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Ten Facts about Fleas on Dogs

Contrary to popular belief, fleas and ticks are always a problem here in Texas. It never really gets cold enough for long enough to truly kill off the cycle of fleas and ticks. So there is no "off season" for us or our pets. So treating year round in our area is less costly in the long run than having to play catch up once you notice that you have a flea/tick issue. Not only are these pest ugly and disgusting, they also spread disease and illness to your pets. Fleas can make an animal become anemic with a large enough infestation and cause tapeworms. Ticks can spread lyme disease and erhlichiosis. All of these illnesses requiring not only a flea preventative but also long term courses of antibiotics, dewormers and vitamins to help your pet recover. Below are facts about fleas, ticks and the illnesses that they carry.

Understanding Them May Help You Get Rid of Fleas

Ever wonder what fleas feed on or how long they can live? Well, wonder no more. Here are 10 curious facts about those pesky fleas.

  • Fleas have four life stages: egg, larva, pupa, biting adult.
  • Fleas feed on the blood of their host -- humans, birds, reptiles, and wild and domestic animals.
  • The female flea can lay 2,000 eggs in her lifetime.
  • A flea can live more than 100 days without a blood meal.
  • The female flea consumes 15 times her own body weight in blood daily.
  • A flea can jump up to 8 inches high, or approximately 150 times its own height. That's like if you could leap over tall buildings in a single bound.
  • Dogs with fleas may develop anemia, tapeworms or intense bouts of itching (pruritus).
  • Some dog may develop an allergy to flea saliva, which causes severe irritation and itchiness.
  • The best way to check for fleas on dogs is with a flea comb.
  • Even though there are more than 2,000 known species and subspecies of fleas, one flea species -- the cat flea -- accounts for most of the dog and cat flea cases found in the U.S.
  • There are always those stories. The ones about tapeworms several feet long infesting a pet… and even the occasional tale of a tapeworm infecting a human. But what is the likelihood of these or other extreme scenarios? In brief: they are not very likely. There are exceptions, but in general, tapeworms probably won’t cause your pets much distress if they do acquire the parasites. Still, you want to avoid or be rid of tapeworms to ensure your pet and your home is healthy and safe.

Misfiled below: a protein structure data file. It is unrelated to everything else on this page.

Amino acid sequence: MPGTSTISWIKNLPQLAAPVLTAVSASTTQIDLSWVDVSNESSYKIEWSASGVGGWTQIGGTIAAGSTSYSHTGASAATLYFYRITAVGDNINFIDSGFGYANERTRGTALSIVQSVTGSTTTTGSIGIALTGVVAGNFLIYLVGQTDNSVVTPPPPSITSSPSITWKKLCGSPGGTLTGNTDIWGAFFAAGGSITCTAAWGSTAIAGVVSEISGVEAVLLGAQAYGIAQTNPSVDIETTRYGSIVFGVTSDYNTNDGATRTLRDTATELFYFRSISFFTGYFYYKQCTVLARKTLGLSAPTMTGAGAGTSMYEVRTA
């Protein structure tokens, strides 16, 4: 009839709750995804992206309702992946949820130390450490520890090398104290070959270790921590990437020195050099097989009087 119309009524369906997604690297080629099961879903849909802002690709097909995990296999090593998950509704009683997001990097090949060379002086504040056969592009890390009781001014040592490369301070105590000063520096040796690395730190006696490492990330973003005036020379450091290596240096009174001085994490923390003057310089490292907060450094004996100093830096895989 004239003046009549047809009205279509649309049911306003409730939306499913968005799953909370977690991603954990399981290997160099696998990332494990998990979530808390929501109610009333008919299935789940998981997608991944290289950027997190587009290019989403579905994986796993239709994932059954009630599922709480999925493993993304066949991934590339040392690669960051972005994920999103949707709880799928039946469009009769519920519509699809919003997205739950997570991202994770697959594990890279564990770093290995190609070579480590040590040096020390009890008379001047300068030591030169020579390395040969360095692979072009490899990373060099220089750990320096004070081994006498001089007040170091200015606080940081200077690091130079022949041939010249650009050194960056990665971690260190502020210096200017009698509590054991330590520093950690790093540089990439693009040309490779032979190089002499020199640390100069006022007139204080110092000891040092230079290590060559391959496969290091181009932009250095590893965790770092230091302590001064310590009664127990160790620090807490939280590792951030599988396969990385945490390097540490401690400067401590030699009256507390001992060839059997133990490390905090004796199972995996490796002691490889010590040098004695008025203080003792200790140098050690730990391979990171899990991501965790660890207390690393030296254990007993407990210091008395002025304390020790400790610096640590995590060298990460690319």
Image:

• To help you achieve worm-free bliss, it helps to know some key facts about tapeworms and their relation to cats and dogs.


    Parasites often live a quiet life. Tapeworms can grow inside your pet’s intestine unnoticed for a long period of time. As the infestation becomes worse, you may begin to see signs of a problem such as weight loss or irritability, but until then, you can miss their presence unless you or your veterinarian are regularly checking your pet’s feces for signs of tapeworms (excreted segments of a tapeworm’s body and/or tapeworm eggs).


    By keeping your pet flea-free and away from rats or other rodents, you can better protect your dog or cat from tapeworms. All those dirty nuisances are intermediate hosts for tapeworms, so they carry tapeworm eggs that your pet may ingest when they kill or attack a flea or prey. The eggs then hatch inside your pet and the tapeworm finds a home in the intestine until you can get rid of it.


    In most cases, tapeworms will not infect humans. When this does occur, it is usually a child who acquires the tapeworm by accidentally ingesting a tapeworm that has been excreted by a pet. This can happen when the child is rolling around with a cat or dog, while playing in a sandbox where a pet has been, or by picking up a piece of stool left in a yard or other setting. People can develop a serious illness if they become infected with the tapeworm Echinoccus granulosus. Pets can acquire this tapeworm by eating uncooked meat from an infected animal.


    The best defense against tapeworms is good hygiene. Whether you are trying to protect your family from acquiring a pet’s worms, want to avoid reinfestation, or hope to never have to deal with the issue to start with, the secret is cleanliness. Specifically, you should clean litter boxes daily, check yards for feces, and clean other places where pets’ feces may have been left.

    Image result for tapeworms in pets

  • Truths about ticks 

  • Sure, we all know ticks are nuisance but do really know what they are and what they do. Here are 10 facts you probably didn't know about those pesky ticks.

  • 1. Ticks are arachnids. Meaning, they are more closely related to spiders and scorpions than insects.

    2. Ticks have four life stages: egg, larva (infant), nymph (immature), and adult (mature).

    3. There about 850 tick species, some of which are capable of transmitting diseases such as Lyme disease, Ehrlichia, and Rocky Mountain Spotted Fever.